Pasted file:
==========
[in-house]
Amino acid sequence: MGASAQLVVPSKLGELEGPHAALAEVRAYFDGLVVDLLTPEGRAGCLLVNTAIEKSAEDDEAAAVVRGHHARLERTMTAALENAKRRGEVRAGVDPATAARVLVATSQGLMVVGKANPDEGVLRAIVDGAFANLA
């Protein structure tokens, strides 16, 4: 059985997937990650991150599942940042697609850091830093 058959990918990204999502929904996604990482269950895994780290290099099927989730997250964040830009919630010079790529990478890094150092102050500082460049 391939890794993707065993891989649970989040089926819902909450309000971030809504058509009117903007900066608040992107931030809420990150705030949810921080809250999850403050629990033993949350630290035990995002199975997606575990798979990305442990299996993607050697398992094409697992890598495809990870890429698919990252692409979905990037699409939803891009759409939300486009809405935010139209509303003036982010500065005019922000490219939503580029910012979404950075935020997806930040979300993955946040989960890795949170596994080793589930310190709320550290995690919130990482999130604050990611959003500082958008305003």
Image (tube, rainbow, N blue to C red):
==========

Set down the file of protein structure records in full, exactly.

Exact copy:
[in-house]
Amino acid sequence: MGASAQLVVPSKLGELEGPHAALAEVRAYFDGLVVDLLTPEGRAGCLLVNTAIEKSAEDDEAAAVVRGHHARLERTMTAALENAKRRGEVRAGVDPATAARVLVATSQGLMVVGKANPDEGVLRAIVDGAFANLA
């Protein structure tokens, strides 16, 4: 059985997937990650991150599942940042697609850091830093 058959990918990204999502929904996604990482269950895994780290290099099927989730997250964040830009919630010079790529990478890094150092102050500082460049 391939890794993707065993891989649970989040089926819902909450309000971030809504058509009117903007900066608040992107931030809420990150705030949810921080809250999850403050629990033993949350630290035990995002199975997606575990798979990305442990299996993607050697398992094409697992890598495809990870890429698919990252692409979905990037699409939803891009759409939300486009809405935010139209509303003036982010500065005019922000490219939503580029910012979404950075935020997806930040979300993955946040989960890795949170596994080793589930310190709320550290995690919130990482999130604050990611959003500082958008305003």
Image (tube, rainbow, N blue to C red):